Perhaps the most glaring anomaly in the entire defence procurement/ acquisition process is the exclusion of the ultimate user, the Armed Forces, from the decision making process. This is definitely detrimental in complex and major programmes such as Project 75(I) which require very experienced and specialised domain knowledge which is available with the user but significantly absent at the later stages in the decision making process. In the P75(I) programme the MoD’s selection of the SP is going to be on the basis of L1, both the potential SPs will obviously choose to partner the cheapest foreign OEM to improve its own chances of winning the bid. As far as the SP is concerned, its responsibility will effectively end with the delivery of the platform. Thereafter it will be the user, the Indian Navy which will be operating this platform for the next four decades or so during which it will not only have to go to war with it but also win decisively. Hence it should be the Navy which should be the lead agency in deciding which of the five designs is best suited for its requirements. However, the irony is that instead of insisting on this, the Navy seems quite resigned to conceding decision making to the industry and the MoD.
Likely Programme Schedule
The complexity of the SP model when applied to P75(I) would make any estimation of the likely timeline at best an educated guess. However, from the very beginning it was obvious that MoD’s earlier claim of concluding a contract by 2021 was unfounded either through false expectation or sheer ignorance. The RfP due since early 2020 will take at least a few more months to be issued to the prospective SPs (Mazagon Dock and L&T) as highlighted earlier, there may even be the possibility of a work share arrangement between the two entities to enable capacity creation in the private sector without losing the expertise gained by Mazagon Dock in Project 75. A possible guesstimate on the timelines based on ‘D’ being this issue of the RfP would suggest the following:-
(a) D. Issue of RfP by MoD to the two potential SPs.
(b) D+3 months. Issue of RfP by the two SPs to the five foreign OEMs since both SPs would need to clarify various issues with the RfP arising out of the MoD RfP to ensure any major non-compliance does not derail the whole process.
(c) D+12 months. (give or take three months) It would probably take the OEMs a year or so to respond because of the multiple issues that would need to be resolved such as indigenisation, depth and extent of Transfer of Technology (ToT), the contractual model, setting up a Joint Venture/ Special Purpose Vehicle, the equity participation etc. The OEMs would need time to develop their indigenous supply chain; evaluate and certify Tier 1, 2 and 3 vendors and the costing of indigenised parts as that would have a considerable impact on their ultimate bid.
(d) D+18 months. Evaluation of the responses by the SPs based on the number they receive – there is a possibility that all five OEMs may not respond to each of the two because of the resources and effort required to prepare two simultaneous bids. A period of six months to evaluate these would be challenging unless the potential SPs are already favourably inclined towards one of the five which could make it quicker though not necessarily better. Any such pre-conceived preference would not bode well for the future of the programme and the MoD or the Navy would do well to discourage this.
(e) D+36 months. Once the SPs have shortlisted their preferences, the nitty-gritty of the price negotiation with the selected OEM and negotiating the contract between the SP and the OEM, the setting up of a Joint Venture/ Special Purpose Vehicle including work share, equity participation, ToT, IP issues etc. would follow. Adding to this complex matrix would be the contract with the MoD as laid down in the DAP 2020. Working out these details and negotiating the final price with a risk averse and cost-conscious MoD could take up to 18 months and only then would the final contract be signed.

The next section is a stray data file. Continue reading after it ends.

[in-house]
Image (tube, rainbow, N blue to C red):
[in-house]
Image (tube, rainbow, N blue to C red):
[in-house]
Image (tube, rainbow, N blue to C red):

Hence, even the most optimistic assessment, as has been outlined above, would indicate that it would take a minimum of at least three years for the contract to be signed from the date of issue of the RfP. However, given the track record of the MoD in concluding contracts of far less complexity, this author wouldn’t hold one’s breath on that. Translating this to the calendar, the earliest a contract for the construction of the six P75(I) submarines could possibly be concluded would be the middle of 2024. This incidentally would be the period of the national general election which could further complicate matters. However, that is still three years in the future and one should remain optimistic about the outcome.
Assuming the best case scenario, it will take at least eight years or more for the first submarine to be built and would therefore not enter service before 2032 at the very earliest. By this time, other than the six Kalvari class submarines, the remaining submarine fleet would be between 30 and 45 years old.
It would also be prudent to keep in mind that the reasons for the delay in the P75 programme being built at Mazagon Dock (in collaboration with Naval Group of France where the first submarine was delivered five years behind schedule and 15 years later, only two boats have been commissioned) are not repeated.
The widening deficit in India’s submarine capability is a matter of concern and in the emerging regional security calculus, it is imperative that the MoD/ IN makes the right choice and not the cheapest choice. In a technologically complex programme such as this, where domain expertise is a pre-requisite, the Navy must insist on taking ownership of the programme to ensure that it gets the maximum bang for the buck. The Chapter 7 of the DAP on the Strategic Partnership model is conceptually sound but riddled with ambiguities which need to be addressed to expedite the progress of this and other future programmes. The successful outcome of the P75 (I) programme is critical not only for the impact it will have on the future of India’s defence industrial architecture but also for the nation’s maritime security which is already wanting in the undersea warfare domain.
-The writer is a veteran submariner and presently the Vice President of the Indian Maritime Foundation. The views expressed are personal and do not necessarily reflect the views of Raksha Anirveda